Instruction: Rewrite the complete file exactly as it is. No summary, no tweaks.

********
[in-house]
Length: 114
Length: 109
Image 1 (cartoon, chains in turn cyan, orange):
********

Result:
[in-house]
Length: 114
Length: 109
Image 1 (cartoon, chains in turn cyan, orange):